What are the implications of coronavirus on the student accommodation market?

Students want the on-campus experience that student accommodation offers – and it is an important source of revenue. But Covid-19 has changed the market

It is widely accepted that demand for university places is driven by a combined desire for the student experience, the wish to obtain a qualification that supports employability and, hopefully, a desire to learn. 

Student accommodation plays a major role in the creation of the student experience. For most students, the standing of the university looms largest in their choice. First Oxbridge, then, often, a Russell Group university. After that the student experience and consequently student accommodation carries most weight. That is even more true for UK students than for overseas students for whom London is a major draw. 

Just as many US colleges compete for students on the standing of their sports teams, UK universities compete on the quality of their student accommodation. It is a cost but also an important support of revenue – very important in an era when foreign students will be in short supply. 

Students want the on-campus experience student accommodation makes possible. So just as universities are likely to feel greater pressure on their finances from a drop in foreign student numbers, funding must be found to support a vital component of student life. Fortunately, external suppliers of finance are on hand. How much, from where and on what terms is becoming clearer. Student accommodation is an increasingly attractive sector just as many other property sectors are facing reduced demand. This combination puts universities in a better position than they might otherwise have expected.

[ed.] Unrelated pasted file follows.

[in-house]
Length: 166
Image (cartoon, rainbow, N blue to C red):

Universities can benefit from recent changes in the property market – provided they act wisely and understand the full range of options now available

These changes in the market are covered in a new online series of briefings led by specialists from Cushman & Wakefield, the leading international property consultancy, examining how the delivery of higher education and ‘the student experience’ may be affected by the Covid-19 pandemic both in the short and longer term and the implications for the student accommodation market. This five-part series of detailed briefings will take stock of market developments, the current market, examining trends and looking forward at what this means for the future.  

The potential impact of unprecedented new challenges will be analysed, both in the UK and worldwide. The university and higher education sector must adapt to meet these. As Sarah Jones, partner, public sector advisory team, UK Consulting at Cushman & Wakefield explains, “student accommodation is of fundamental importance to the student experience and the student experience is a major element in the choice of university. Universities can benefit from recent changes in the property market – provided they act wisely and understand the full range of options now available.”  

The briefing on demand, finance, values and related matters – covering what’s the same, what’s changed and what will change following Covid-19 – is designed for providers of university housing and onsite campus accommodation, higher education estate directors, private sector investors, developers, banks and other financiers, planners, advisors and consultants. 

Full details of the online series – The Student Accommodation Market – can be accessed at www.henrystewartconferences.com/property-hub/student-accommodation-market-ss-2020 

If you require any additional information, please contact Tamara Cmiljic at tamarac@henrystewart.co.uk  

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